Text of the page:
I would love to be a part of any team owned by KKR: Sunil Narine

I would love to be a part of any team owned by KKR: Sunil Narine

Sunil Narine is playing for the KKR since IPL 2012.

Sunil Narine
Sunil Narine of Kolkata Knight Riders. (Photo by Kuntal Chakrabarty/IANS)

Sunil Narine, the West Indies spinner has earned the reputation of being match-winner, especially in the T20 format. He plays for the Kolkata Knight Riders (KKR) in Indian Premier League (IPL). He loves playing for the team and the franchise and also revealed that he is ready to play for any team that will be owned by them across any league in the world.

The KKR bought the 32-year-old back in 2012 IPL auction for a hefty amount of $700,000. Majority of the fans and cricket pundit thought that this move from the franchise might backfire but that wasn’t the case. He took 24 wickets in his debut season and played an important role in their title-winning triumph. He has also opened the innings for KKR in the previous seasons and reaped out a lot of success.

Sunil Narine feels like leaving for a second home when he comes to India for KKR 

In a clip shared by KKR, Sunil Narine can be seen praising the IPL franchise. He said that it is always amazing to play for them in the T20 tournament. He was also overwhelmed with the love he gets in India whenever he travels to the country to play in the IPL and termed it as the second home.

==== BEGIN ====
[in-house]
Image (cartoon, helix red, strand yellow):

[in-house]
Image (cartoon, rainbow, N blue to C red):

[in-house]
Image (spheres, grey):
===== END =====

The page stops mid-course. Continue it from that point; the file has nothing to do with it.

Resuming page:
“Any tournament (where) KKR is carrying a team in, I would love to be a part of it. The money does not matter. Once they are there, I would love to be a part of that team. The way they welcome you in India, with arms wide open. It’s like they already know you as a human being – what you don’t like, what you like. They try to make you comfortable.

“Every year, when I am leaving for India (for the IPL), it’s like I am leaving for my second home,” Narine said in a video shared by KKR. He also looked a bit disappointed over the fact that IPL has been suspended in the ongoing year amid COVID-19 outbreak. Sunil Narine feels something is missing in his life without the cash-rich league.

“The closest thing to feel at home playing in the CPL is the IPL. To me it’s not just friendships, it’s like a family. (I am) missing the excitement of the IPL, the fans, the loved ones watching you perform. Whether it is 4 o’clock in the morning (in Trinidad), or 12 o’clock, they (are always) looking forward, that’s something I’m missing a lot,” he further said.

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